Gadhadar Reddy, Managing Director, NoPo Nanotechnologies
Nanotechnology has just begun to make its way from laboratories to consumers. This is expected lead to a surge in demand for consultants who can help take technologies from lab to market. It presents new challenges that were unseen until now. It is in essence the meeting point of all fields of science and technology such as electronics, physics, chemistry, biology and math. Knowledge and experience in each of these fields is crucial to make an informed decision. A diverse experience in completely unrelated technology sectors is essential to understand the market and offer guidance.
Nanotech is one of the few in the market that is yet to be regulated with a specific law. This can be a boon or bane depending on viewpoint. An unregulated market allows for rapid innovation and growth as we’ve seen in the IT sector. This is great for startups to bring new products rapidly to the market. The lack of regulation could be a bane as it could lead to products entering markets without proper testing. Asbestos like fiasco is often cited as an example. Also the lack of specific regulation means that several existing laws could be applied on whim by officials. This leads to an uncertainty in interpretation of law. World over governments are trying to frame early legislation that can encourage and regulate the sector. This is an area where a consultant’s knowledge of law would be crucial in guiding governments. Over- regulation as we’ve seen can kill innovation at a nascent stage.
Nanotechnology came into existence 35 years ago with the invention of microscopes that could see individual atoms. Since then several peer-reviewed research articles have been published. The last 10 years have seen an exponential increase in publications from China. In an ideal world, this treasure trove of knowledge would have helped advance technology. But unfortunately a large number of nanotech publications are ambiguous and uncertain. For example: One of the most hyped products of nanotech is Carbon Nanotubes. They exhibit incredible material properties and are believed to have applications in composites, defense, electronics etc. To this day, there are conflicting research data regarding their toxicity; some papers say that Nanotubes are toxic and highly reactive while others say that they are safe and inert. Similar conflicts exist for other reported properties such as strength, conductivity etc. This is the case for all nanomaterials. This means that the existing treasure trove of peer-reviewed knowledge is largely useless. A large amount of time will have to be spent just to find reliable data.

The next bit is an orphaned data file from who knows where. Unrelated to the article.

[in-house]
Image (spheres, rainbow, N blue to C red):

A pervasive problem is the preponderance of abilities of technology products. Most technologies have promised the moon but are yet to take off to anywhere. This can be a big problem when a scale-up is attempted without a proper prototype. A good example is the recently bankrupt, Seldon Laboratories. Seldon claimed to have technology that could purify water down to the level of virii. They claimed to use a special formulation of Carbon Nanotubes to achieve this remarkable feat. In hindsight, it turns out the claim was flawed. The filters performed similarly even without the Nanotubes. But since they were carried away by the hype, the entire business model was based on Nanotubes used as filters. Once it was proven otherwise, the company had to fold up. There is a need to clearly understand the research and state of development. Unlike an app, a new material based product will take a significantly large amount of time to mature. Solving a small problem could take years since there is no precedent. Of course, once fully developed; such a product will dominate markets for decades.
Nanotechnology has begun its journey into our lives and this is an excellent time to be consulting in the potential trillion-dollar industry. I’ve listed some of the potential pitfalls and they could help ensure you create a lot of value.